Remember this was the early nineties, when the first personal computers were finally becoming widespread, the Internet was being deployed and the information revolution was about to explode.  And here I am, a top graduate from the most selective school of computer engineering in my country, giving it all up for a “crazy” interest in psychology.

I did listen to them.  They made me question myself.  And all these “are you crazy” conversations were actually quite useful.  They forced me to dig deeper into the reasons for my decision.  And when I finally decided to go for it and “be crazy” I was much better prepared for it.

In retrospect, I can say with confidence that I would not have become the president of George Mason University if I hadn’t been that crazy.  Accenture hired me out of graduate school because they needed people who could understand the human side of technology. Being a good engineer alone or a good psychologist would not have been enough. It was the crazy combination of the two. Without Accenture I would not have ended up teaching in a business school, let alone become a dean, which helped me become the first Spaniard to lead an American university!

It had never crossed my mind that one day I would become a college president. I honestly had no clue what my life would look like. No one does! But the combination of good education and a bit of “craziness”, of unconventional decisions, of embracing your weirdness, can open up wonderful life adventures that you cannot even imagine.

Again, my suggestion is not that you be crazy for the sake of it.  My point is that you don’t give up because some people think it’s crazy.

So yes, #BYOP: be your own person!

Finally, the cool app I promised! That got your attention, didn’t it?

I know you weren’t allowed to bring your cellphones. But I did bring mine! There’s a very cool app that most of you barely use and that you need to check out.

On most phones it shows up on your main screen. It’s usually green and its icon looks like an old-fashioned telephone handset. This app does wonderful things. When you open it up, you can dial your mom’s phone and, guess what, you can talk to her. Live!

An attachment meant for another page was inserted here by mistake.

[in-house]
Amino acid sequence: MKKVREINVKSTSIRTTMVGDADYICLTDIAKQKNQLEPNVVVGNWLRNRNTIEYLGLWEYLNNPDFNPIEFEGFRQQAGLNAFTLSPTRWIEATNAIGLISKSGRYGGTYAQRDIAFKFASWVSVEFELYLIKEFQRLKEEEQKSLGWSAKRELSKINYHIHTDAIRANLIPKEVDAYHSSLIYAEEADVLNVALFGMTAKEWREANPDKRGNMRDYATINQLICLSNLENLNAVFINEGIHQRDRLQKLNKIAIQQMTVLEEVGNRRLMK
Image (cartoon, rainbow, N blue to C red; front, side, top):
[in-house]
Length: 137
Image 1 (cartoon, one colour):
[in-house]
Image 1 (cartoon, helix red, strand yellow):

My last and most important piece of advice: use the app and call your mom when you’re in college. There are several good reasons for it. For one, this is the least you can do for the person who loves you more unconditionally than anyone else in the world. OK, there’s dad too. He also loves you immensely, but if your time is limited, calling mom is probably your smartest choice for reasons it would take too long to explain.

But if none of this is convincing enough, let me warn you: if you don’t call her, she will call you. She’s an expert at using the app. And she won’t stop until she gets to you.

Texting is nice, but it won’t do. Facebook status updates don’t do the trick either, just click the green button on your phone and call mom at least once a week!

So there you have it. Enjoy college, work hard and savor every day. Be your own person. And please, please call your mom!

The world today is a better place than it was four years ago, because this group of talented, committed young adults is about to go out there and make a difference.

Congratulations, class of 2015.

Thank you!

 

Ángel Cabrera

W.T. Woodson High School

Fairfax, VA

June 16, 2015

 

Write to Ángel Cabrera at president@gmu.edu

1 Comment

Neda writes:

This speech is endearing and (from experience) I agree that calling your mom at least once a week is the BEST college advice. It’s one of the top things that, in hindsight, I would have put more time aside for in college.